What is the city of Minneapolis to you? 

Minneapolis is an incredible city because we’re not defined as much as all the east and west coast states. We are this weird beautiful mixture of everything in between. Each side of the country has its own kind of vibe and scene but ours is always developing and changing. I think in some ways it never is definable. 

Who is involved in the brand and how did you start? 

Just about everything is done by me.

I do the designing, printing, shooting photos, managing the website and social media. But I do have some of the most amazing friends who help and inspire me. From listening to me stress over FaceTime, modeling fits, and hauling gear for pop ups…I would really be nowhere without them, they push me everyday. I love them!

How would you describe the design or look of your clothing?

Oversized fits, DIY, quick line work, color mixtures, fabric layers, my dad’s work wear, tomboys, skating, urban landscapes, natural decay, noise. 

Courtesy of Minneapolis Made, Model: Jessie Reyez

Courtesy of Minneapolis Made, Model: Casey Neistat

Courtesy of Minneapolis Made

Courtesy of Minneapolis Made, Model: Joelle Sheffield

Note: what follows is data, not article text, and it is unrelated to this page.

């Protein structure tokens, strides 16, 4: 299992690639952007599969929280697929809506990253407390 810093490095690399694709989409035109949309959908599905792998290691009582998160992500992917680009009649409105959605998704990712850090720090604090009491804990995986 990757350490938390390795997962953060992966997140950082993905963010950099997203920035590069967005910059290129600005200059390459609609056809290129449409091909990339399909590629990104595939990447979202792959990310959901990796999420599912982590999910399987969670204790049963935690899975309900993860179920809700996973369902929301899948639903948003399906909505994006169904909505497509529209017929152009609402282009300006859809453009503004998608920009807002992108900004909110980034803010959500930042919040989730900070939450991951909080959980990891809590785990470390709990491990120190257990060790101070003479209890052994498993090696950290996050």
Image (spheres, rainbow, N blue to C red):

Courtesy of Minneapolis Made, Model: Shahad Karriam Geer

Courtesy of Minneapolis Made, Models: Kendall Coley and Sydney Miller

Courtesy of Minneapolis Made, Model: Jenny Zander

Courtesy of Minneapolis Made, Model: Brandon Charles

What do you want people to think and feel when they see or wear your clothing?

I want everyone to see themselves represented by us. Anyone and everyone has a place here and there is not a set body type, gender, race, or sexual orientation that we are catering too. 

How did you get Jessie Reyez and Casey Neistat to publicly endorse you?

I met Jessie over a year ago at a GOSHOW event for 95.3. I had one of my first support female artists long sleeves with me in my backpack. My friend Katie grabbed Peter Parker and asked if we could be introduced to Jessie because we wanted to give her this shirt. We were introduced to her and she was so genuinely interested in my ideas and vision. We ended up just kicking it with her backstage for a while. We met the managers and even her DJ, she introduced us to Dej Loaf who actually was given the shirt we had for her. We met up again about a month later and she invited me and my little bro Mikey to her show at the Xcel Energy Center. She wore the gear, shouted us out on stage, and the rest is history. I saw her in New York by accident the following month when she did her TRL performance and I was out there for a few weeks running around. So we have been able to keep the door open with her and she has always been down to support us in anyway she could. She posts us on her Instagram so that feels pretty good. Jessie is honestly such a humble and positive person, the way she moves is inspiring.  But now every time she comes to the cities we try and link up and get her some new clothes.